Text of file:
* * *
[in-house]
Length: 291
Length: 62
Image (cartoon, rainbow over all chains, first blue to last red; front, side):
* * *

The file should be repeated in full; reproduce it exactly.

[in-house]
Length: 291
Length: 62
Image (cartoon, rainbow over all chains, first blue to last red; front, side):